Dingo was different, from the start, he would rather hang with the humans of the house than the other pups.  He was named “Dingo” by the Australian skeptic Kiley Sturgis.  Various followers of the forum named the other puppies.  While these were only meant to be temporary names, Dingo would only answer to “Dingo” when he joined our family, and so his name stayed.  He’s just not the baby eating type.

Now, my daughters and I wanted one of these puppies.  My husband, a reservist in the Navy and aware that we had often moved for work, had always said “NO” to a dog.  Still, I took advice from another forum member on how to get my husband to say “YES” to a puppy.

The power of "bunny"

The power of “bunny”

She told me she wanted a bunny, but her husband had pointed out their small apartment and said “no”.  So, she decided to just mention it.  A lot.  She didn’t nag, she just would say “Bunny” at random times throughout the day.  By random, I mean at least 20-30 times a day.  This went on for weeks.

“Honey, would you, bunny, like a beer, bunny?”

“I love bunny you”

“Your bunny mother is on bunny phone and want to bunny you”

She got her bunny.

A home with pets is a happy home.

A home with pets is a happy home.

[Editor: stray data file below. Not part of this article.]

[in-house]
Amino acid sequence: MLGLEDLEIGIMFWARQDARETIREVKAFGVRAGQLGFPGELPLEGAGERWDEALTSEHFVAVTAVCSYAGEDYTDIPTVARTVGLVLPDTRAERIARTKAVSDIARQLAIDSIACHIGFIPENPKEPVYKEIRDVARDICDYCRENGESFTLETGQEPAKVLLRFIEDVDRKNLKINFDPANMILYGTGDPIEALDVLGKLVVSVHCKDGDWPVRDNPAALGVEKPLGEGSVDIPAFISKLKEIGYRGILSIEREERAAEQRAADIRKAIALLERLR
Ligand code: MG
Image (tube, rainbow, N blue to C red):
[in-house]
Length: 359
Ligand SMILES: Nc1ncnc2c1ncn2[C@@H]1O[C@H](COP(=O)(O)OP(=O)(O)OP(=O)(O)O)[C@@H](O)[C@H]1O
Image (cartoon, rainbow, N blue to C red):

My husband has no defense against a three woman onslaught of “puppy, puppy, puppy”

He decided to see about flying a puppy out to where we live in New Hampshire.  When this proved logistically too difficult, he  decided we would all drive out and pick up Dingo.  The girls and I later talked about how it had actually been way easier than we had imagined.  We were half convinced he would never say “yes”.  The power of “bunny” has never been lost on us and we all three still use it to great success.  If  you want something enough, don’t nag, just remind.  You haven’t forgotten, and he won’t either.

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Dingo and his neighbor/girl friend Maggie. She’s a much younger woman, but they are best buddies.

Today the girls are grown and have their own homes.  My husband comes home to a happy dance from Dingo, even if he has just walked to the mailbox.  Dingo is our eternal 3 year old, devoted to his family, confused by the cat  (who manipulates him without mercy), and a favorite with his veterinarian and groomer.  He has a touch of arthritis, and we carefully lift him in and out of cars and on and off sofas.  He loves to go boating, being on the water, is wonderful.  He’s not so good in the water.  Cockershits aren’t built to swim, so he always wears his swim vest when near water.

As for my husband, he long ago began to appreciate having another man in the house.  The evenings are spent with Dingo cuddled up next to his “dad”, watching TV together and perhaps secretly sharing a snack as I ask “You aren’t feeding that dog chips are you?”

The power of “bunny” is that in the end, it brings happiness even to those that were at first resistant.



Categories: pets

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2 replies

  1. This one of your most wonderful posts ever, Kitty. I’ll never, ever, see an obvious crossbred small hairy dog again without wondering if it’s a “cockershit”. Thank you! pony pony pony

  2. Dingo is a real sweetie, definitely worth the drive to get him. I am glad you have told the story of his arrival in your family.